Monday, July 18th, 2016
Illusory superiority is a cognitive bias that causes people to overestimate their positive qualities and abilities and to underestimate their negative qualities, relative to others. This is evident in a variety of areas including intelligence, performance on tasks or tests, and the possession of desirable characteristics or personality traits.
As humans, we’re pretty bad at judging our own abilities. Most of us think we’re awesome and more often than not, we judge ourselves as better than average in most traits. We do this in all kinds of ways.
For instance, around 90 percent of people belive they are better-than-average drivers, and a similarly impossible number of people claim that they are happier, more popular, or more likely to succeed that the average person. In one study, an incredible 25 percent of respondets rated themselves in the top 1 percent in term of leadership ability.
This illusory superiory explains why the less we know, the more we think we know. It’s a confusing phenomenon, but it’s incredibly common. Basically, the more incompetent you are at something, the less likely you’ll realize you’re bad at it unless a professional points it out.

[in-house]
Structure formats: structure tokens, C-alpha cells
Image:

What’s significant about our unreasonably glorified view of ourselves is that often we are often unable to recognize our shortcomings and correct them, even when we are made aware of them. Like most other cycles, it can be broken by external influences. Here, education and training to improve one’s ability to perform the task could also vastly improve the accuracy of his judgement. Increasing one’s knowledge of the subject would allow a better understanding of where he stands relative to others.
Summing-up: Illusory superiority is a phenomenon where people regard themselves as generally better than others, no matter what the facts are. Being full of yourself can give you the confidence you need to go about everyday life with swag, but it can also make you attempt things you would not otherwise have done. An overestimation of your ability in certain tasks could lead to undesirable results.